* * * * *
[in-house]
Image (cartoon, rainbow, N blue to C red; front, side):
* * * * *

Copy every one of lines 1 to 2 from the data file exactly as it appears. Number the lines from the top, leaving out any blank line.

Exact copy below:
[in-house]
Image (cartoon, rainbow, N blue to C red; front, side):